In your IE you have two exams, one is a five part that includes dive physics and physiology along with three other easier topics. IIRC, if you fail any one of the parts, you have failed that exam. My IDC had 0 instruction on physics and physiology. My buddy and I had to teach ourselves this material - make sure your idc covers it...

The second written test is standards, and that's open book. It isn't terribly hard if you know where you're looking in the instructor's manual and have tabbed it during IDC.

Classroom presentations are kind of silly, rote exercises. Everyone teaches the hell out of these.

There are confined water presentations and open water. Use your cards, or better, create a cheat sheet that you can just read in the water. There are no points off for reading verbatim from your card. The other question is, how much time will you be spending in CW working skills? My idc had about 4 hours of pool time, which I didn't think was adequate.

Open water is much like confined, but make sure that you're practicing your dive rescue exercise (or have mastered it before you go). Make sure you know how to tie all the knots in AOW.

That's a long unsolicited answer to stuff you didn't ask, but I hope it's helpful.
 

Cap335

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As an old store owner whenever we have gotten a new instructor we start by putting him with a trusted instructor so that we can have an independent assessment.
 

sabbe

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Hey there divers, I'm here hoping to get some suggestions from certified instructors. I am currently a PADI Divemaster/EFR Instructor with more than 10 years of diving under my belt, 3 of them as a PADI Pro. I have run multiple EFR classes, Discover SCUBA's, and refreshers in this time. I also DM for at least one open water class per week.

I am ready to make the move to instructor and am antsy to get started, but this year's one local (Midwest) instructor examination I cannot make due to a family wedding.
Because of this, my options are to fly to Florida and do a week and a half IDC with Rainbow Reef or the like, or wait until next year to do my class and train with a local instructor, in the diving conditions I will be instructing in for the foreeable future (cold water quarry/lake diving).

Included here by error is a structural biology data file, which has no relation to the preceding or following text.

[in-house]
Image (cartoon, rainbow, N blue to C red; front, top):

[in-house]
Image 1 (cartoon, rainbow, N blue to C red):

I wanted to get some information on the general vibe in the professional sphere with both avenues. The 9 day IDC's scream "just get you through and get the card" to me, as all my education up to this poimt has been multi-month or multi-year classes. To those that have been through IDC/IE, what are your opinions either way? Do you "look down" on instructors who were certified at one of the "mill" dive centers?

Thanks so much for your help!

What does your current employer have to say about it?

Using my GI Bill I went with PADI then crossed over to SSI for my local shop. Since I was not their student they require me to intern (work for free) for three courses for each course I want to teach.

How much work will actually gain by becoming an instructor now vs next season?

There is some value in going through a mill and just getting it done. My DM shop worked me for several years as a DM candidate trying to get all the checkboxes completed because they didn't have the student load. To be fair I also work half the weekends for my main job.

Sam
 

Tracy

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Being in Ohio, you have several options for an on-demand IDC and IE.
Both underwater connections in Columbus and Davey Bones in Barberton. Both can do in house IDC and IE.
I would reach out locally before heading to the keys for a week.
 

Oldbear

Teaching Neutral Diving
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I have recommended Ross Neill at Rainbow Reef to many of our local divers who decided to train other than here (Kwajalein). Rainbow Reef is going to teach you how to use PADI’s teaching system…just like most other IDC programs. It will be up to you how you implement it. How to mix your style into your courses.

Jim Lapenta just wrote/posted a great list of recommendations for a Rescue Course. On this list you can see a lot of Jim’s style and years of experience. That is what makes a good instructor, not their IDC.

Many times some of these “Instructor Factories” get a bad reputation because they create Zeros to Heros in bulk. But take a look at yourself. You have been diving 10 years, a DM for 3 years locally, taught EFR, and assisted with other courses. I think Rainbow Reef would be a great fit for you. Take the IDC and IE in two weeks then go back home and help with a class or two locally. Now you’re ready to start your own journey as an instructor. You will be learning as much as your students. It can be quite the experience.